Flexural Creep and Recovery of Fiber-Reinforced SCC -- Testing Methodology and Material Performance
Deferred strain and cracking under sustained loading can be more prominent in self-consolidating concrete (SCC) used in repair applications than conventional concrete given its higher paste content. Flexural creep and subsequent creep recovery were monitored over 19 months tests for SCC, fiber-reinforced SCC (FR-SCC), fiber-reinforced conventional vibrated concrete (FR-CVC), and fiber-reinforced self-consolidating mortar (FR-SCM). Synthetic and steel fibers were used. Expansive agent (EA) was employed in FR-SCC with synthetic fibers. Fiber volumes of 0.5% and 0.8% were used in FR-CVC/FR-SCC and FR-SCM, respectively. Restrained shrinkage was also determined. The overall creep performance was based on the control of deferred deflection, crack opening, and strain in steel and concrete. The use of fibers enhanced creep performance by 5 to 7 times compared to SCC. FR-SCC with steel fibers provided 45% higher creep performance than FR-SCC with synthetic fibers. The incorporation of EA in FR-SCC enabled 80% additional enhancement of creep performance. The FR-SCC and FR-SCM mixtures exhibited crack widths lower than 0.2 mm at service loads as high as 70% of nominal load. The creep recovery of the FR-SCC was on the order of 20% to 70%, regardless of mixture type. Flexural creep and restrained shrinkage tests indicated similar tendencies of concrete performance. The best performance was obtained for the FR-SCC made with EA, followed by FR-SCC, then SCC and FR-SCM.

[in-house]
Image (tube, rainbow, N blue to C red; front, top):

F. Kassimi and K. Khayat, "Flexural Creep and Recovery of Fiber-Reinforced SCC -- Testing Methodology and Material Performance," Journal of Advanced Concrete Technology, vol. 19, no. 1, pp. 67 - 81, Japan Concrete Institute, Jan 2021.
The definitive version is available at https://doi.org/10.3151/JACT.19.67
Civil, Architectural and Environmental Engineering
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© 2021 Japan Concrete Institute , All rights reserved.
01 Jan 2021
The authors are grateful to the support of the Natural Sciences and Engineering Research Council of Canada (NSERC) and the 17 partners of the Industrial Research Chair on High-Performance Flowable Concrete with Adapted Rheology at the Université de Sherbrooke, Sherbrooke (Quebec), Canada.